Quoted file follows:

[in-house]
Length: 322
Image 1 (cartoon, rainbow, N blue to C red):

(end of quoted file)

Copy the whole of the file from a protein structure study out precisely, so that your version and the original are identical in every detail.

[in-house]
Length: 322
Image 1 (cartoon, rainbow, N blue to C red):